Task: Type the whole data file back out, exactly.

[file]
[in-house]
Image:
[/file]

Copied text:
[in-house]
Image: